Like many New Yorkers, Radley Horton often frets about tomorrow's weather. Unlike many, it's his job. A scientist at NASA's Goddard Institute for Space Studies (GISS) and coauthor of a forthcoming study on the effects of climate change in New York City, he is particularly concerned about an often-overlooked aspect of global warming: bigger, stronger storms.
"It's not a linear relationship," he says on a subway ride to Manhattan's South Ferry station, which would be mostly underwater in a Category 2 hurricane. "A little bit warmer sea surface equals the potential for a lot stronger storm." And feeding off the greater ocean warmth, full-blown hurricanes may arrive at New York City with increasing regularity.
By 2050, stronger storms and rising sea levels may make the flood that previously hit once every 100 years a once-in-20-years event, according to GISS. With a possible three-foot sea level rise by 2100, flooding could occur every four years. "Our old ideas about climate may have to change," he says. "We need to be open to all possibilities."
Even as high-profile politicians like California Gov. Arnold Schwarzenegger and New York Gov. George Pataki pledge to reduce their states' carbon "footprint," cities like New York and London – and entire countries like the Netherlands – are moving to adapt to long-term climate change.
With slogans like, "Why should you worry about a hurricane? It's not like you live on an island" and a tripling of storm shelters since Katrina, New York City's Office of Emergency Management has prepared for at least some of the short-term possibilities.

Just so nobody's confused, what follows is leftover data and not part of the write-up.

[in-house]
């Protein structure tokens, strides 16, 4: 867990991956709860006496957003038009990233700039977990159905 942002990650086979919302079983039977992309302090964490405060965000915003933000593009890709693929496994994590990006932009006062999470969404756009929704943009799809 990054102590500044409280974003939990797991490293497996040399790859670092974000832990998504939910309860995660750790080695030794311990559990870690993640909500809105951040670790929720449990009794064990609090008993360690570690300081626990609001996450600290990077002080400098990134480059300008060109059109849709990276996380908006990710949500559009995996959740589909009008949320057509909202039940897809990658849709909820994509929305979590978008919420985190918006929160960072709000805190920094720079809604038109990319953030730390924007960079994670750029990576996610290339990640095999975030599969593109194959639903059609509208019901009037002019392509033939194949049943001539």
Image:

But even before Katrina, the city's Department of Environmental Protection (DEP), which manages the city's freshwater supply and wastewater – 13,000 miles of pipe, total – formed a task force with GISS to look at the long-term effects of climate change.
Among other things, the DEP was concerned by the damage storm surges might inflict on a city surrounded by water. Although city officials declined to discuss concrete solutions for this article saying they were still in the "assessment" phase, scientists foresee potential fixes ranging from raising key infrastructure and building dikes, to flood gates and temporary seals over tunnel entrances. One group proposes raisable flood barriers large enough to protect all of Manhattan Island.
Sea levels have risen almost a foot in the past century, partly because of ice melt and thermal expansion (warmer water has more volume), and partly because of naturally occurring land subsidence of the Northeast. In the same period, area temperatures have risen nearly 2 degrees F. About two-thirds of that increase occurred in the past 30 years and sea-level rise has accelerated in the past decade. "The core body of knowledge has solidified" on climate change, says Cynthia Rosenzweig, the lead GISS scientist on the climate-change task force. "We're moving into a solution phase."
But possible solutions – and how to pay for them – are still "big question marks," says Gary Heath, director of bureau operations and environmental analysis at the DEP. Although antiflooding technologies are basic and well established, implementing them in a city as old and crowded as New York is no simple task.
Elevating roads, for example, sends more runoff into subway grates. Water pumped out of subway tunnels – already some 14 million gallons daily – goes into sewer systems that might be overtaxed by rainwater. "You solve one problem and you create another," says Madan Naik, chief structural engineer of New York City Transit. "It's got to be a collaborative effort, whatever we do."